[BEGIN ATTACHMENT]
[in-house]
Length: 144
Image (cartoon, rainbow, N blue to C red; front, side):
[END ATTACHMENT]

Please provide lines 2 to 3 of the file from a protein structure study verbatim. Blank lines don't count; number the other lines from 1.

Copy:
Length: 144
Image (cartoon, rainbow, N blue to C red; front, side):